More than £2million a year could be generated for community projects if windfarms planned for the Stewartry are given the go ahead.
A move by councillors this week means developers must agree to make annual payments into a community benefit fund if they are given planning permission for a new turbine scheme.
However, a local pressure group has described the payments as “a bribe so that vested interests can get their way”.
Members of the planning, housing and environment services committee agreed on Tuesday that rules should be put in place so that any developer given the green light to develop a windfarm has to abide by the council policy.
A spokesman said: “Where the council agrees to grant planning permission for a wind farm on its planning merits, there will be negotiations with the developer and contributions officer within economic development. There will be a requirement to include a section 75 planning obligation for the developer to make the appropriate financial contributions in line with the council’s community benefits from wind farms policy.”
The policy, which economic developmeny boss Ewan Green told councillors was not legally enforcable, requires companies to pay £5,000 a year for every megawatt produced.This money would then be put in a central pot, with half going to the communities in the area near the windfarm and half going to a fund to be distributed across Dumfries and Galloway.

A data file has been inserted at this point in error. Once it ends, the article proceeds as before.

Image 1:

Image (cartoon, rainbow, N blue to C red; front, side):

Figures available for developments currently in the pipeline, such as Mayfield near Rhonehouse and Barcloy Hill near Kirkcudbright, show more than £300,000 would be generated every year if they were approved.
Schemes that would generate more than 50 megawatts, such as Benshinnie and Loch Urr, would require approval from the Scottish Government and there is no guarantee they would impose the same requirements as the council, although they will be asked to take the policy into account.
But when figures released by the developers of the larger schemes are added up it shows they are willing to contribute almost £2million a year – a sum likely to rise once more details become available for other windfarms already announced.
However, Alison Chapman of Galloway Landscapes and Renewable Energy (GLARE), said: “Such monies are ‘shared’ within a community but the size and the extent of ‘the community’ is hard to define and it is still harder to agree on who should be in control of such monies and decide how, where and to whom such monies are paid.
“Bribes serve only to divide families, neighbours, communities and ultimately society.
“We would be well advised to learn from the native American Cherokee who recently defended their religious and spiritual heritage as well as their homeland by refusing to accept any such bribe to erect wind turbines in their ancestral lands.”
The figures do not include community benefit funds for windfarms that have already received approval, such as Blackcraig, or are already functioning, such as Windy Standard.